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People waiting for the new iPad are reflected in the window of an Apple store in Munich on March 16, 2012. (Michaela Rehle/Reuters/Michaela Rehle/Reuters)
People waiting for the new iPad are reflected in the window of an Apple store in Munich on March 16, 2012. (Michaela Rehle/Reuters/Michaela Rehle/Reuters)

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Apple will still have cash hoard that's 'second to none' Add to ...

These are stories Report on Business is following Monday, March 19, 2012. Get the top business stories through the day on BlackBerry or iPhone by bookmarking our mobile-friendly webpage.

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Apple pays investors Apple Inc. today unveiled its first dividend since 1995, and unveiled a $10-billion (U.S.) share buyback, bowing to pressure to do something for its shareholders.

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With cash of almost $100-billion, the tech giant said it would begin with a quarterly dividend of $2.65 in the fourth quarter of this year, while the buyback stretches over three years.

"We have used some of our cash to make great investments in our business through increased research and development, acquisitions, new retail store openings, strategic prepayments and capital expenditures in our supply chain, and building out our infrastructure," chief executive officer Tim Cook said in a statement.

"You’ll see more of all of these in the future. Even with these investments, we can maintain a war chest for strategic opportunities and have plenty of cash to run our business. So we are going to initiate a dividend and share repurchase program."

When all is said and done, Apple said, it expects to use some $45-billion of its cash over three years.

David Rolfe, chief investment officer of Wedgewood Investment Partners, which owns about $150-million in Apple shares, told Dow Jones the move was just about what was expected.

"They're generating so much cash; they're still going to have a cash hoard second-to-none," he said.

Hersh Cohen, who co-manages Legg Mason's ClearBridge Equity Income Builder Fund, was hoping for a yield more in the area of 3 per cent, also according to Dow Jones, and thus was "somewhere between surprised and disappointed."

"It's good they're paying a dividend, but I would say this is not a game changer," Mr. Cohen said.

Markets await Viterra Shares of Viterra Inc. are halted amid mounting speculation that the agribusiness and grainhandling giant is close to a sale.

As The Globe and Mail's Boyd Erman and Paul Waldie have reported, Switzerland's Glencore International PLC is in talks with Canada's Agrium Inc. and Winnipeg's Richardson family, working on a potential bid for Viterra.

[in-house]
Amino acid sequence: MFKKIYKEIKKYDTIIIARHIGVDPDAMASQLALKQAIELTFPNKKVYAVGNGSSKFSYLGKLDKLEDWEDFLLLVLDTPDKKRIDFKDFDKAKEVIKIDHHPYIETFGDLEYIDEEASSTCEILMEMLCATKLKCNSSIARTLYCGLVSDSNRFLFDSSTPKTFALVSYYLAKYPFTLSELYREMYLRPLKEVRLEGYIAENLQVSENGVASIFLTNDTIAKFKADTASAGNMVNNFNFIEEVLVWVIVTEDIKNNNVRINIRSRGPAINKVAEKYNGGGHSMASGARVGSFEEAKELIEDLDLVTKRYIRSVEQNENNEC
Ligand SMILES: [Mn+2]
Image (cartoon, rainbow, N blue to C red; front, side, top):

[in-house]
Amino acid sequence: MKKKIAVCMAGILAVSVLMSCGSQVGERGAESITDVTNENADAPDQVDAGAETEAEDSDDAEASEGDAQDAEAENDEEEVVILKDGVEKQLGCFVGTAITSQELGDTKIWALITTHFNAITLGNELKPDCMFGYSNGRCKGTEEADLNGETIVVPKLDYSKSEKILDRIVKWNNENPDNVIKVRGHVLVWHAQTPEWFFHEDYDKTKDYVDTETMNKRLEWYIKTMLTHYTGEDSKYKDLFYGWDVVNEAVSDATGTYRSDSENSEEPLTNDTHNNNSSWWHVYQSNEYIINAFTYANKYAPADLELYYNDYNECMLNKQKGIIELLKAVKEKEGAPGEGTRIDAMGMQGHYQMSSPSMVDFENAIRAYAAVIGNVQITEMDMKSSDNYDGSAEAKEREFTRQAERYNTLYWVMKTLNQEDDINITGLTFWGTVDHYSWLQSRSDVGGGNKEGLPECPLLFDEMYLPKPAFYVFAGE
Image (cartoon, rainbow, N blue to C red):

Agrium shares are not halted.

Analysts boost outlook for BCE Analysts are starting to tinker with their price targets for shares of BCE Inc. in the wake of Friday's blockbuster deal for Astral Media Inc. .

The Canadian telecommunications giant is offering $50 a share, or about $3-billion for the Montreal-based media concern.

"We view the Astral acquisition favourably from both a strategic and financial standpoint," said Maher Yaghi of Desjardins, who hiked his stock target to $43.120 from $43, not a big move, but it's something.

"The acquisition better positions BCE to deliver in TV and wireless going forward, while being accretive to [earnings per share]and free cash flow immediately."

What to watch for this week Statistics Canada is expected to report Friday that inflation picked up somewhat in February, driven by higher gas prices. Economists believe Canada's annual inflation rate rose in February to about 2.6 per cent or 2.7 per cent, with prices rising 0.4 per cent or 0.5 per cent in February alone. The overall pace of inflation was 2.5 per cent in January. The so-called core inflation rate, which strips out volatile items, is projected to be 2.2 per cent, up from 1.1 per cent.

"In January overall consumer prices rose a strong 0.4 per cent reflecting gasoline prices rising 2.8 per cent after seven months of decline as crude oil prices have started to move higher out of concern about supply disruptions in the Middle East," said Paul Ferley and Tom Porcelli of Royal Bank of Canada.

"Weekly gasoline price surveys suggest that this pressure continued in February with the rate of increase for this component strengthening to 3.7 per cent."

We'll get the latest provincial budgets from Quebec tomorrow and Saskatchewan on Wednesday.

"In its fall update, the province of Quebec penciled in a $1.5-billion deficit for the upcoming fiscal year (a relatively modest 0.4 per cent of GDP), down from $3.8-billion in fiscal year 2011-2012," said Robert Kavcic of BMO Nesbitt Burns.

"With an election likely looming in the near term, the province might not be as adamant to wield the axe as some other provinces, or the federal government," Mr. Kavcic said in a report.

"To be fair, Quebec has already done significant fiscal repair work, lifting the QST by 2 percentage points, hiking user fees and restraining spending growth. Meantime, the province of Saskatchewan boasts one of Canada’s most enviable fiscal positions, with a $353-million (0.5 per cent of GDP) surplus projected for fiscal year 2011-2012. Resource revenues will no doubt be a major factor in this budget (they made up 25 per cent of total at last check), but don’t expect a free-spending document like the one tabled by fellow resource heavyweight Alberta."

In the markets, there will be several quarterly reports worth watching, including those from Oracle Corp., Tiffany and Co., New Flyer Industries Inc., FedEx Corp., Lululemon Athletica Inc. and Nike Inc.

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